Thesis - Open Access
Master of Science (MS)
Biology and Microbiology
Ernest J. Hugghins
Sodium monofluoroacetate (Compound 1080) is a highly toxic rodenticide which has ·been used in control of prairie dogs (Cynomys spp.). The toxic effects of Compound 1080 to non-target species caused Compound 10SO to be banned as a rodenticide. This study was initiated to develop a low-level bait which could be effective in prairie dog control and would have a higher margin of safety to non-target species. Compound 1080 was administered to 83 black-tailed prairie dogs (Cynomys ludovicianus). The primary research objective was to determine the acute ·oral median lethal dose (LD50) in black-tailed prairie dogs. This was established at 0.173 mg/kg. To test the hazard of Compound 1080 poisoning to a non-target species, European ferrets (Mustela furo) were selected to be tested as they are the closest relative to the endangered black-footed ferret (Mustela nigripes). Whole carcasses of poisoned prairie dogs, when fed to the ferrets, caused no observed reaction. Based on laboratory results, a theoretical bait concentration was extrapolated. A concentration of 0.010% active ingredient would appear to be effective in prairie dog control and to cause little if any secondary poisoning effects to ferrets. Further testing, including field tests, should be performed before this bait concentration is applied on a large-scale basis. Compound 1080, as with any other chemical toxin, has advantages and disadvantages in its use. These should be examined carefully before any control program which includes Compound 1080 is established.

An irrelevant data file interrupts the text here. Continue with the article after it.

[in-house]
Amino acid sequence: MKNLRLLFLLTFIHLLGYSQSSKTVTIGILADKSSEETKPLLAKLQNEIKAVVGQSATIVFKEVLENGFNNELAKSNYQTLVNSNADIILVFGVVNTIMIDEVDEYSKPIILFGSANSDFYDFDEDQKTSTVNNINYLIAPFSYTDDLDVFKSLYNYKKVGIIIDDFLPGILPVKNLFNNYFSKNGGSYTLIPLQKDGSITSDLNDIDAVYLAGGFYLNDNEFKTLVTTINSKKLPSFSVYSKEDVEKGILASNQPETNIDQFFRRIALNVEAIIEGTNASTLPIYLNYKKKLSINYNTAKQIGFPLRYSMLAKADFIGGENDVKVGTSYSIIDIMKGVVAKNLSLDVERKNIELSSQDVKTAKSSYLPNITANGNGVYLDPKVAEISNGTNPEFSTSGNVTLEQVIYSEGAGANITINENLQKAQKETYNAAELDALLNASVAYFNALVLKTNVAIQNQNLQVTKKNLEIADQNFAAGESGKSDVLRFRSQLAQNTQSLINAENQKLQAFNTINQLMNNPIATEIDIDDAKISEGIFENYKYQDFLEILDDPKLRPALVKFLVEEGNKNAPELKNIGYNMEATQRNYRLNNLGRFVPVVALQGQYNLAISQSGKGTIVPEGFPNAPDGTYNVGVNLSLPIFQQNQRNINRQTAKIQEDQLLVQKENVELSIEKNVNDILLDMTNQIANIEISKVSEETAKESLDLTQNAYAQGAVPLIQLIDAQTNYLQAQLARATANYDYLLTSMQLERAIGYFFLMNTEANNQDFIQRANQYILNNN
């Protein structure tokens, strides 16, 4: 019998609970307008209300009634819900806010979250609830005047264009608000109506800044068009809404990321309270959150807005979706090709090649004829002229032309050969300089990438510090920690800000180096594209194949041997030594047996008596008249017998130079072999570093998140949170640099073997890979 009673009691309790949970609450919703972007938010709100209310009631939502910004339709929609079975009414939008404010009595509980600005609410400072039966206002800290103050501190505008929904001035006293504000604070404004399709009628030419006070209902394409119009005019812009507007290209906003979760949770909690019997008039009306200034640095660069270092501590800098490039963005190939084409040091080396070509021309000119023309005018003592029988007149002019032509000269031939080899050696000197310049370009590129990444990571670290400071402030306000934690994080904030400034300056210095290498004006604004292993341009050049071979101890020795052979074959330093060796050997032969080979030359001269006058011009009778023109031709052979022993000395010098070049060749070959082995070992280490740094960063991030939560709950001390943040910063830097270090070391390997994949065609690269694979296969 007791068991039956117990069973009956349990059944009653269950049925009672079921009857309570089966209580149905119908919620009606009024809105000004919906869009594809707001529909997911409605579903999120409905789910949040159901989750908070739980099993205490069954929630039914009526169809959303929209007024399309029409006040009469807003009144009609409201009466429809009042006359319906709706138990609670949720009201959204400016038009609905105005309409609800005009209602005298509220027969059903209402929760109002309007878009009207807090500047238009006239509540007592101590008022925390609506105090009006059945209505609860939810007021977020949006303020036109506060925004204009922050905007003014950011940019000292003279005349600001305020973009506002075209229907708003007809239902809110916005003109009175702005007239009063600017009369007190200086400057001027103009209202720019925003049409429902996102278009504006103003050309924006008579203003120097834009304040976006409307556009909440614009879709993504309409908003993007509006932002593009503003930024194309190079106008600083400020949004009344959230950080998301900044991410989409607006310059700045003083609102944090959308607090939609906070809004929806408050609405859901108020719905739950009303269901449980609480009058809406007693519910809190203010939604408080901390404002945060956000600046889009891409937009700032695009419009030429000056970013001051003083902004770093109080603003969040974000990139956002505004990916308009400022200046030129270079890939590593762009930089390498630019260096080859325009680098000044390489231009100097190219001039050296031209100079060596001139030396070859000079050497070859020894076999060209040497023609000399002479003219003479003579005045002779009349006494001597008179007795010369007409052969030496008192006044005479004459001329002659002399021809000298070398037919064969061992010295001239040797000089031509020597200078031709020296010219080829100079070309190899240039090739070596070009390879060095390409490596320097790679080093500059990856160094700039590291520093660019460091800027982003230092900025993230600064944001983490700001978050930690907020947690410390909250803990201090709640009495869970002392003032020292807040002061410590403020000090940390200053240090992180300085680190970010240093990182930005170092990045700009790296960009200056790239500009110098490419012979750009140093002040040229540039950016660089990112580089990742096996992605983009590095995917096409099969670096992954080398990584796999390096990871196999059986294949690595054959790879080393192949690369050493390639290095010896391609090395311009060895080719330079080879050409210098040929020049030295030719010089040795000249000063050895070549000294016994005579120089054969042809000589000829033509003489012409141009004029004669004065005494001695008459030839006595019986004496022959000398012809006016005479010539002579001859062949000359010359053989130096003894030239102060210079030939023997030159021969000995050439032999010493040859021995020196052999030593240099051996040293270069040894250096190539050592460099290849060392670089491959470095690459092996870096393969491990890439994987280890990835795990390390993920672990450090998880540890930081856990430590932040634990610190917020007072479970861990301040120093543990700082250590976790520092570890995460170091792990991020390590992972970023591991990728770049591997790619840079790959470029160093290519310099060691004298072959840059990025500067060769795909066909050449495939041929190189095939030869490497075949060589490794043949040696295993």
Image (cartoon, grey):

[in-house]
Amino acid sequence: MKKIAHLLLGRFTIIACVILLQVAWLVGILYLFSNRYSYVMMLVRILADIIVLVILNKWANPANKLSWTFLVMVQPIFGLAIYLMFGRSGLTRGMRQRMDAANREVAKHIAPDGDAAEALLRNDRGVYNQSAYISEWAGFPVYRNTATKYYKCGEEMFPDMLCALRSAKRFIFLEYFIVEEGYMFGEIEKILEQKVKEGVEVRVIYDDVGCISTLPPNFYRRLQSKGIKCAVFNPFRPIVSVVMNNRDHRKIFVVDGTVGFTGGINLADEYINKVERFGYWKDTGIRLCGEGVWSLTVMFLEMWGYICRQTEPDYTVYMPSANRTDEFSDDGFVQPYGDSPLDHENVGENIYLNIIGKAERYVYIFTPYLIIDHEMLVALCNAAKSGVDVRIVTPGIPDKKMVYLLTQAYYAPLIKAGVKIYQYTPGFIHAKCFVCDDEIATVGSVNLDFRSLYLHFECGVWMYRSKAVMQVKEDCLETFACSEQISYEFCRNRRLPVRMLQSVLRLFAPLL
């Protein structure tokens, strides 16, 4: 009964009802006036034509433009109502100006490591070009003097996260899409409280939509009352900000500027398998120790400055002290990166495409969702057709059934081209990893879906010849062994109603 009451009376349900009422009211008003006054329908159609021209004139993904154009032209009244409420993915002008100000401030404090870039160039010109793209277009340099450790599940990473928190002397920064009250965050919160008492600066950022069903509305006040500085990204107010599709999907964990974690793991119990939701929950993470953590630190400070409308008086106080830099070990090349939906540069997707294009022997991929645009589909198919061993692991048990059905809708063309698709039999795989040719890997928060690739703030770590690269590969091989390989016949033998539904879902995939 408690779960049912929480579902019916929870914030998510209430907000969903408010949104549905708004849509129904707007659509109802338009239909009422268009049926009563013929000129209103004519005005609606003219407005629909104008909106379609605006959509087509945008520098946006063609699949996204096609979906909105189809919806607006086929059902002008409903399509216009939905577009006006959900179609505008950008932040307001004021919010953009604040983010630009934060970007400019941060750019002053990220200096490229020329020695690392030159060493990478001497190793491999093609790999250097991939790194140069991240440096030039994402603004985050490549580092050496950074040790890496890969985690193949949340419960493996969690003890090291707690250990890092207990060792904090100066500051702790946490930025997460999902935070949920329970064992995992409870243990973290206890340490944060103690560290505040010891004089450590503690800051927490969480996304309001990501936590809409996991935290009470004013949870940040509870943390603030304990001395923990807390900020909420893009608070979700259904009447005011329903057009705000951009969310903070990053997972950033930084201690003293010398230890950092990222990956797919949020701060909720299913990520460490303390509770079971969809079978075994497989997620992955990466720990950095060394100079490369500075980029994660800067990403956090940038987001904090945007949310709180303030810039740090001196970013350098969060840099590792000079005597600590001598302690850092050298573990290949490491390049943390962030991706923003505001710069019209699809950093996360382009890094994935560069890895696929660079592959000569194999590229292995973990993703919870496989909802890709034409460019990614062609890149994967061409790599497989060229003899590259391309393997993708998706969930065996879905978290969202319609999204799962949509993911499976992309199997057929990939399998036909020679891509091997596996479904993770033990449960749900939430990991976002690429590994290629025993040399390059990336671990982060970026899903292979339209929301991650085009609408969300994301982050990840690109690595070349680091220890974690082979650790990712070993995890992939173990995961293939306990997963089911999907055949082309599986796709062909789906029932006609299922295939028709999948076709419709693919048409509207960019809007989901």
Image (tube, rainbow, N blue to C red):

Library of Congress Subject Headings
Prairie dogs -- Control
Black-tailed prairie dog -- Control.
Number of Pages
South Dakota State University
No Copyright - United State
Ward, Charles David, "A Laboratory Study Concerning the Control of Black-tailed Prairie Dogs (Cynomys ludovicianus) with Sodium Monofluoroacetate (Compound 1080)" (1985). Electronic Theses and Dissertations. 4317.